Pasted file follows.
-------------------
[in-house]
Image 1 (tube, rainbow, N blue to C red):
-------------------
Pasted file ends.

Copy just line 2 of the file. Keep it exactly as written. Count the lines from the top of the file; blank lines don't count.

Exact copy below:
Image 1 (tube, rainbow, N blue to C red):